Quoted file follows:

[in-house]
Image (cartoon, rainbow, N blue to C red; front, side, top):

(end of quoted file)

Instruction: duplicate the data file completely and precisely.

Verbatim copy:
[in-house]
Image (cartoon, rainbow, N blue to C red; front, side, top):